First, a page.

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What is urinary incontinence surgery?

Urinary incontinence surgery includes various procedures to treat urinary incontinence, or the involuntary leakage of urine. Incontinence commonly occurs when nerves, muscles and tissues that control urination or support a woman’s pelvic organs are weak or damaged. Childbirth and aging are common risk factors for urinary incontinence. 

Urinary incontinence surgery can relieve or improve urinary incontinence so you can lead a more active, healthy life. However, urinary incontinence surgery entails risks and potential complications. You may have less invasive treatment options. Consider getting a second opinion about all of your treatment choices before having urinary incontinence surgery. 

Types of urinary incontinence surgery

The types of urinary incontinence surgery include:

  • Bladder augmentation surgery treats overactive bladder by increasing the size of the bladder.

  • Bladder neck suspension surgery treats stress incontinence. It involves supporting the bladder and urethra by attaching them to surrounding bone or tissue.

  • Nerve stimulation procedures treat overactive bladder by applying electrical stimulation to the nerves that control urination.

  • Sling procedures treat stress incontinence by supporting the bladder neck and urethra with a sling-like device.

  • Vaginal prolapse surgeries help treat stress incontinence and possibly overactive bladder by repairing weak or damaged muscles, ligaments and tissues that hold a woman’s pelvic organs in place. Vaginal prolapse surgeries correct protrusion of the bladder, rectum, bowel, uterus, and vaginal vault (upper portion of the vagina) into the vagina.

Medical Reviewers: Daphne E. Hemmings, MD, MPH Last Review Date: Dec 20, 2012

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Medical References

  1. Abdominal Sacrocolpopexy or Sacrohysteropexy. Wrightington, Wigan and Leigh, NHS foundation Trust. http://www.wwl.nhs.uk/Library/All_New_PI_Docs/Audio_Leaflets/Gynaecology/Abdominal_Sacrocolpopexy/FT....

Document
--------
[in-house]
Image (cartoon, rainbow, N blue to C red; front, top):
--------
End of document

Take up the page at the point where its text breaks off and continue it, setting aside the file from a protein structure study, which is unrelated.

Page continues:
2. Bladder Augmentation. American Urological Association. http://www.urologyhealth.org/urology/index.cfm?article=56.
  3. Bladder Sling Risks, Complications and Side Effects. Drugwatch. http://www.drugwatch.com/transvaginal-mesh/bladder-sling/.
  4. Bladder and Urethral Surgery: Slings and Suspensions. Intermountain Healthcare. http://intermountainhealthcare.org/ext/Dcmnt?ncid=520693119.
  5. Care at Home after TVT-O Surgery. Brant Community Healthcare System. http://www.bchsys.org/portal/page.do?mid=187_257_258_p584_&id=584.
  6. Colporrhaphy. Encyclopedia of Surgery. http://www.surgeryencyclopedia.com/Ce-Fi/Colporrhaphy.html.
  7. Considering Surgery for Vaginal or Uterine Prolapse? UCLA Health System. http://obgyn.ucla.edu/workfiles/da_Vinci_Robot/Uterine_Prolapse.pdf.
  8. Laparoscopic Uterine Suspension. International Center for Laparoscopic Urogynecology. http://www.miklosandmoore.com/lap_proc5.php.
  9. Overactive Bladder. American Urological Association. http://www.urologyhealth.org/urology/index.cfm?article=112.
  10. Overactive Bladder Treatment. National Association for Continence. http://www.nafc.org/bladder-bowel-health/types-of-incontinence/urge-incontinence/overactive-bladder-....
  11. Transvaginal Mesh Risks, Warnings and Problems. Drugwatch. http://www.drugwatch.com/transvaginal-mesh/.
  12. Transvaginal Mesh Warnings & Recall. Transvaginal Mesh Help Center. http://www.transvaginalmesh.org/fda-warning-recall.php.
  13. Treating urinary incontinence: mid-urethral sling operation. The Royal Women’s Hospital. http://www.thewomens.org.au/Treatingurinaryincontinencemidurethralslingoperation.
  14. TVT Continence Surgery. KK Women’s and Children’s Hospital. http://www.kkh.com.sg/HealthPedia/Pages/FemaleUrinaryDisordersTVTTVTOContinenceSurgery.aspx.

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